Avoiding Foot Pain: How well do your shoes fit?

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Shoes that fit properly help you do the things you enjoy. They provide comfort and improve performance. Statistics show that 80 percent of foot pain is due to the improper fitting of shoes. Many conditions, such as bunions, hammertoes, heel pain and ingrown toenails, as well as corns and calluses, can be caused and exasperated by shoes that are not fitted properly. There are even specialists, called pedorthists, who specialize in the proper fitting of shoes, as well as prescription footwear.  Steps can be taken to avoid foot pain and keep your feet healthy. Here are 10 tips to help you select the shoes that are right for your feet:

1. When you shop, have your feet measured—both of them. Feet naturally widen and lengthen with use, which means foot size changes over the course of a day and a lifetime, depending on activities and age. Also, for most people, one foot is slightly larger than the other, so judge fit by your larger foot.

2. Remember, shoe sizes are not standard. They vary among brands and styles, so a shoe labeled 8 1/2 by one manufacturer could fit like an 8 or a 9 from another maker. Try different ranges in size, and seek advice from store personnel trained to know fitting techniques, shoe brands and characteristics.

3. Select shoes that conform as nearly as possible to the shape of your foot. So you know what to look for, trace your foot on a piece of paper. Hold the tracing against the sole of a shoe. If the shapes are similar, you’re on the right track.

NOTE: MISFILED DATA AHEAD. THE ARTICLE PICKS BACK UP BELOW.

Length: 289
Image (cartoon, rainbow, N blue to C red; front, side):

4. Choose shoes that are appropriate for the activity and the time you perform the activity. For example, if your job involves standing for long periods of time, shop for work shoes right after work. Shop for exercise shoes as close to your workout time as possible.

5. Stand during the fitting process and check that there is adequate space (3/8″ to 1/2″) between your longest toe and the end of each shoe. The foot elongates during walking or running, so it needs extra space. Also, remember that for some people, the longest toe is the second or third toe.

6. Be sure the ball—or widest part—of the foot fits comfortably into the widest part of the shoe. This match means the shoe will bend where your foot flexes, which will give you the greatest amount of comfort.

7. Don’t purchase shoes that fit too tightly, expecting them to stretch after you have broken them in. A shoe should feel comfortable at the try-on stage. Shoes are generally designed to hold a shape, not to reform themselves to your foot.

8. Your heel should fit comfortably in the shoe with a minimal amount of slippage.
It is impossible to avoid heel slippage completely, because the foot stretches forward and backward during every step; you need enough heel room to accommodate your natural step pattern. 

9. Walk in the shoe to make sure it feels comfortable. You don’t have to go around the block; take at least 10 steps back and forth on the fitting room floor.

10. Remember that orthotics or inserts can affect the size and fit of a shoe. Any kind of shoe insert takes up space intended for the foot; if you wear orthotics, you will need a roomier shoe, or the orthotics won’t fit properly. It is helpful when considering an orthotic for a shoe to remove the insert that comes with the shoe. Generally, they are removable.

Shoes that are too tight or too narrow, as well as those that are too wide, may cause foot pain. Foot pain while you walk or wear shoes is not normal, and one should consult one’s doctor if pain persists.     

Jean Archer, M.D., is a podiatrist based in Jamaica. N.Y. She can be reached at 718-264-1111.